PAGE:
Summarized for Conservation India by Prema Naraynen.
How are the … Read More
Endemic to the Indian subcontinent, the Sloth Bear (Melursus ursinus) inhabits tropical and sub-tropical habitats across India, Nepal, Bhutan and Sri Lanka. Being the most common among the four species of bears in India, it is widely distributed from the foothills of the Himalayas to the southern tip of the Indian peninsula. With sloth bear populations in the Himalayan foothills and northeast India becoming isolated, the Western Ghats and central Indian landscapes now possibly harbor the largest populations.
Despite their … Read More
On Sunday, April 10th, the World Wildlife Fund (WWF) and Global Tiger Forum (GTF) issued a report stating that the world’s wild tiger population was on the rise, and on track for a doubling in a decade. We do not find this report1 and its implications scientifically convincing.
- Having devoted years of our lives to trying to understand and save wild tigers, we believe their conservation should be guided by the best possible science. Using flawed survey methodologies can
Participation of non-scientists as volunteers in conservation can play a significant role in saving wildlife, finds a new scientific research led by Duke University, USA, in collaboration with Wildlife Conservation Society and Centre for Wildlife Studies, Bengaluru.
The study has shown that citizen science projects greatly contribute to ‘increased environmental awareness among the general public’. It also reported direct impacts on conservation including – shift in formal profession by volunteers to become conservationists, initiation of new conservation organizations or groups, … Read More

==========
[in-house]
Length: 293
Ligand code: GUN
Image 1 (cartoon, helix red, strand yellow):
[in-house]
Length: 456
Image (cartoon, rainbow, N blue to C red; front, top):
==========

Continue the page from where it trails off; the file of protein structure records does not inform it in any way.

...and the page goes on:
News papers have been reporting the presence of a livestock killing tiger in agricultural fields and state forests outside the eastern boundary of Nagarahole Tiger Reserve over the last few days. Unfortunately on 25-August-2012 the tiger attacked a woman grazing livestock, killed, and partially ate her. On 26-August-2012 Forest Department staff managed to locate the tiger using domestic elephants, tranquilized it and moved it into captivity.
We have been carrying out long term monitoring of tiger populations in Karnataka using … Read More
On 1-5-2011, Forest officials of the Shimoga Wildlife Division, had safely captured a male tiger that strayed into Gama village near Shikaripur. A decision was made by the Forest Department, based on consultation with WCS senior scientist and NTCA member Dr. Ullas Karanth, to release the tiger in Bhadra Tiger Reserve, rather than hold it in perpetual captivity. This decision was based on the fact that the tiger was estimated to be of dispersal age (about 3 years), healthy and … Read More